A polemic return for one of the most exciting rappers around, and an intriguing glimpse at his upcoming album.
Kendrick Lamar needs no introduction, especially to hip-hop aficionados. One of the biggest names in modern rap, Lamar has had a successful and highly acclaimed run of albums, singles, and mixtapes, culminating in his 2015 masterpiece To Pimp A Butterfly, a genre-defying and powerful work that featured his inventive, hyper-literate, and technically imaginative rapping on the state of America and the country’s fractious race relations through a prism of jazz, funk, soul, and live instrumentation. ‘The Heart Part 4’ is his first offering since that album and untitled unmastered – its attendant add-on collection of B-sides, demos, and outtakes – and, as a consequence, it could not have been more highly anticipated. Remarkably, the track lives up to the expectation.
Part of this is probably due to Lamar’s interesting choice to write and release ‘The Heart Part 4,’ which was reputedly written and completed two days before its release. The song is the fourth part in a series of ‘The Heart’ tracks which have spanned Lamar’s career and had previously only been released before good kid, m.A.A.d. City, his 2012 major label debut. Tellingly, each has reflected on the changes in his personal and professional life at that time set to slow-burn soul grooves – a formula that comes to impressive fruition on ‘Part 4,’ which begins with a far more fiery and confrontational tone than the languid, insular, and comparatively relaxed flow shown on previous instalments.
Opening to vocal loops of singer Khalid and a sample of Faith Evans, he powerfully intones an elliptical statement to anchor the piece (“Don’t tell a lie on me / I won’t tell the truth on you”) and explodes as he juxtaposes his new million-selling stature against his choice to remain in his tough hometown of Compton during its increasing social upheaval. The wordplay remains as strong as ever throughout, throwing up several well-structured allusions and bars whilst using his continually impressive technical abilities as he twists and turns his flow into creative structures. The second verse’s more specifically aggressive rage drives home even more powerfully, with Lamar setting up his return, reputation, and the imminent studio album whilst directing his ire at several targets. Since the track’s release, speculation has been rife over who the shade is thrown at, yet it’s to Lamar’s credit that these attacks remain clever and nuanced. Musically, the track is also impressive: as the funk of the opening section gives way to a dub-infested and murky neo-soul backing as anger ramps up, at times it drops away to grimy bass grooves or tight, snapping drums.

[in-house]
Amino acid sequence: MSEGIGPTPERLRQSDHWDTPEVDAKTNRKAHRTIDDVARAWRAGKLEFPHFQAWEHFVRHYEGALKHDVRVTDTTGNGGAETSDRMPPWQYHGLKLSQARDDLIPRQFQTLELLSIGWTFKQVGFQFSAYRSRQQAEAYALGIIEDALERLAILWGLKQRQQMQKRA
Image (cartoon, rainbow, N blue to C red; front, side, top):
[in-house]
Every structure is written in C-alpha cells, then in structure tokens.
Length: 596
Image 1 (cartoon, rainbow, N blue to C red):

While the track is now commonly considered to be a hype track or diss track of sorts rather than as part of Lamar’s upcoming album, it’s still interesting to consider what the song could tell us about where “the greatest rapper alive” is going next. Its surprising similarities with subsequent single ‘HUMBLE.’ are interesting: both share Lamar mocking his contemporaries to a clattering neo-soul and trap-inflected backing, with ‘HUMBLE.’ taking on an 808 drumbeat and some surprisingly Balearic-sounding piano tinkles. Whilst the track could be an ostensible bid for singles airplay before he heads back to experimentalism – a tactic he has admittedly used on his previous studio album strategies – it’s notable how much it resembles ‘The Heart Part 4,’ a song that – whatever its intention – is a worthy return for the one of the most exciting mainstream rappers currently around.
‘The Heart Part 4’ is out now via Top Dawg Entertainment